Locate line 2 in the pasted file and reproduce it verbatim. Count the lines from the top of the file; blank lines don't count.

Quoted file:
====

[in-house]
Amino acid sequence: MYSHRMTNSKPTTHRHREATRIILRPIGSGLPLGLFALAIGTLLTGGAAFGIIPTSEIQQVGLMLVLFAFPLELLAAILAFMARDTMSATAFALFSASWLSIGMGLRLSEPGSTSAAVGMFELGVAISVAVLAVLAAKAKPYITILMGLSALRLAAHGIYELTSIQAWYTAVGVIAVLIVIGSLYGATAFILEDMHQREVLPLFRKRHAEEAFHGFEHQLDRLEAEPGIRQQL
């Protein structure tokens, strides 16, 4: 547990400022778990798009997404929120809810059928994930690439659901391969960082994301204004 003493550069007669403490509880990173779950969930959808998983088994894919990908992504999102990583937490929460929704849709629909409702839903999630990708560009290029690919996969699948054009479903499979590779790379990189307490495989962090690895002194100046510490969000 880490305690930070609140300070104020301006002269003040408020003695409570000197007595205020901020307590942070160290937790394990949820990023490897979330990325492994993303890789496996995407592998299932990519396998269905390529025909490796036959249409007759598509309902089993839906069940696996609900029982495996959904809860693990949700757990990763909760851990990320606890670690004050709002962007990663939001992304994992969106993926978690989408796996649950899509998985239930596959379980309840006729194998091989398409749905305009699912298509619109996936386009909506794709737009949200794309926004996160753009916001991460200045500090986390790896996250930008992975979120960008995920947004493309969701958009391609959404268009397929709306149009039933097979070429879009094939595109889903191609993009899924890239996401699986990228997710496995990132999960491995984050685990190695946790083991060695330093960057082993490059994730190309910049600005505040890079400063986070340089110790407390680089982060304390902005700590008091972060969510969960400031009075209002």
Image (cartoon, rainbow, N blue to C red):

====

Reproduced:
Amino acid sequence: MYSHRMTNSKPTTHRHREATRIILRPIGSGLPLGLFALAIGTLLTGGAAFGIIPTSEIQQVGLMLVLFAFPLELLAAILAFMARDTMSATAFALFSASWLSIGMGLRLSEPGSTSAAVGMFELGVAISVAVLAVLAAKAKPYITILMGLSALRLAAHGIYELTSIQAWYTAVGVIAVLIVIGSLYGATAFILEDMHQREVLPLFRKRHAEEAFHGFEHQLDRLEAEPGIRQQL